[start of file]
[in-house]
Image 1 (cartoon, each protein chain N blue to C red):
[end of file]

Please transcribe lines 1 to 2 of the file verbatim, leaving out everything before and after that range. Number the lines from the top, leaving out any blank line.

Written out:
[in-house]
Image 1 (cartoon, each protein chain N blue to C red):